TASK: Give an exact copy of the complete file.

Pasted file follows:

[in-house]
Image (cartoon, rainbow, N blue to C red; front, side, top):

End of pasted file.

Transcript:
[in-house]
Image (cartoon, rainbow, N blue to C red; front, side, top):